Here, a reasonable person in the plaintiffs position would, on the balance of probabilities, have opted

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against the surgery rather than undergoing it at the particular time.

Hopp v. Lepp, [1980] 2 S.C.R. 192; Kelly v. Hazlett (1976), 15 OR. (2d) 290; Schloendorff v. Society of New York Hospital (1914), 211 N.Y. 125, 105 N.E. 92, considered.

APPEAL from a judgment of the Court of Appeal for Ontario[1], ordering a new trial on both liability and damages. Appeal allowed.

D.W. Goudie, Q.C., for the plaintiff, appellant.

D.K. Laid law, Q.C., and C.L. Campbell, Q.C., for the defendant, respondent.

The judgment of the Court was delivered by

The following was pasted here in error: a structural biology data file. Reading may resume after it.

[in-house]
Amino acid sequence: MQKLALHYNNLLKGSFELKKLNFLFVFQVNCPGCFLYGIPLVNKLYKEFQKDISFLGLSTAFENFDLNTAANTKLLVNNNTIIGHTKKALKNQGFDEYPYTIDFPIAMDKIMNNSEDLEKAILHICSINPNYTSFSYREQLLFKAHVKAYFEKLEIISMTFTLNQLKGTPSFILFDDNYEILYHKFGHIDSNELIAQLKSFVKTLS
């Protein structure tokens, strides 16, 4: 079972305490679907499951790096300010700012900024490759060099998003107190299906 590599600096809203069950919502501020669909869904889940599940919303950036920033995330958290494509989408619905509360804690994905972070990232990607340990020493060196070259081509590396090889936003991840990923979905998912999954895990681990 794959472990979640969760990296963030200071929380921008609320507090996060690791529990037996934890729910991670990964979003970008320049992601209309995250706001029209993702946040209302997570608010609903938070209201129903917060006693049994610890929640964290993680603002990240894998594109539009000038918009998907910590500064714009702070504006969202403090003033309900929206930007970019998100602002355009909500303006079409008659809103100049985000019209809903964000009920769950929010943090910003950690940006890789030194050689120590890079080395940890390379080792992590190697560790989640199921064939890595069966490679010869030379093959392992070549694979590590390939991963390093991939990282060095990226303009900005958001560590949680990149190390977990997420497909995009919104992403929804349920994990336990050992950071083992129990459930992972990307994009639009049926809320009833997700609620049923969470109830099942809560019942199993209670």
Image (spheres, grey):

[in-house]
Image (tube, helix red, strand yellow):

THE CHIEF JUSTICE—The plaintiff appellant, then 44 years of age, underwent serious surgery on March 18, 1970 for the removal of an occlusion in the left internal carotid artery, which had prevented more than a fifteen per cent flow of blood through the vessel. The operation was competently performed by the defendant respondent, a qualified neurosurgeon. However, during or immediately following the surgery the plaintiff suffered a massive stroke which left him paralyzed on the right side of his body and also impotent. The plaintiff had, of course, formally consented to the operation. Alleging, however, that his was not an “informed consent”, he sued for damages and recovered on this ground in both battery and negligence. The trial judge, Haines J., awarded a global sum of $225,000.